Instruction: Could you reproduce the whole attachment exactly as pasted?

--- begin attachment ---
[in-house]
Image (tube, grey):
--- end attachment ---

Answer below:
[in-house]
Image (tube, grey):